Stage 1 Fire Restrictions in Effect
To ensure public safety and to provide the highest degree of protection to park resources, restrictions on campfires, smoking, and fireworks are in effect. More »
Vehicle-Free Days on East Rim Drive
The park will host two vehicle-free days on East Rim Drive, September 20 and 27, 2014. Although East Rim Drive will be closed for these events, all other roads through the park will remain open to vehicular traffic. More »
Vehicle Free Days on East Rim Drive
The park will host two vehicle-free days on East Rim Drive, September 20 and 27, 2014. This will be a perfect opportunity for park visitors to hike and bike on 24 miles of road without cars and enjoy spectacular views of America's deepest lake and surrounding forests.
Weather in September can be beautiful and sunny, but mornings and evenings are cool. The park usually gets some snow in September, but it generally melts off on the first sunny day. Check out our Current Conditions page for the latest forecast and weather as the weekends approach.
The road is not flat. At times there are steep grades to climb. Check out our brochure on Bicycling at Crater Lake for more information. The part of the road closed for this event will be from North Junction to Park Headquarters. The elevation ranges between 6450 feet and 7050 feet on this section. Click here for a map!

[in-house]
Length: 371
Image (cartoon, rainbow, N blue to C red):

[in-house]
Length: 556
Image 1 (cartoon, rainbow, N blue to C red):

The entrance fee into the park is $10 per vehicle or $5 per person ($10 per family) if walking or bicycling into the park. There is no additional fee to participate in the event. Once you arrive at the park, information will be available at the North and South Entrance Stations and the park's two visitor information centers, one at Rim Village and the other at Park Headquarters.
Check back here for updates!
For information on lodging and camping in and around the park, check out our lodging and camping brochure.
Although East Rim Drive will be closed on the last two Saturdays in September for this event, the North Entrance Road, West Rim Drive, Munson Valley Road and Highway 62 through the park will remain open for vehicular traffic.
Did You Know?
William Gladstone Steel worked for 17 years to convince Congress that a national park should be created to protect Crater Lake. He finally succeeded and the park was authorized on May 22, 1902.